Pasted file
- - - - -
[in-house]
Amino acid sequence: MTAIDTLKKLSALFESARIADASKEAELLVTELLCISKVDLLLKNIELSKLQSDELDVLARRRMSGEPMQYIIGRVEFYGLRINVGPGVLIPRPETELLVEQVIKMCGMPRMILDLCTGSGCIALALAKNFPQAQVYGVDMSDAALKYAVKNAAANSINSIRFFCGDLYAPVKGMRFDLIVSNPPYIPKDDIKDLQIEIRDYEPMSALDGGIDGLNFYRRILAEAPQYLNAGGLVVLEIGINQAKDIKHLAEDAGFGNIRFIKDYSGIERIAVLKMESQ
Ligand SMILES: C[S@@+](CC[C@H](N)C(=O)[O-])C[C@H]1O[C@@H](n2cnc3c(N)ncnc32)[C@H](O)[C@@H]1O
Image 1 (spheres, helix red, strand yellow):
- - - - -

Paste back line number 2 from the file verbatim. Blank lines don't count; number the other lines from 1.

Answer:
Amino acid sequence: MTAIDTLKKLSALFESARIADASKEAELLVTELLCISKVDLLLKNIELSKLQSDELDVLARRRMSGEPMQYIIGRVEFYGLRINVGPGVLIPRPETELLVEQVIKMCGMPRMILDLCTGSGCIALALAKNFPQAQVYGVDMSDAALKYAVKNAAANSINSIRFFCGDLYAPVKGMRFDLIVSNPPYIPKDDIKDLQIEIRDYEPMSALDGGIDGLNFYRRILAEAPQYLNAGGLVVLEIGINQAKDIKHLAEDAGFGNIRFIKDYSGIERIAVLKMESQ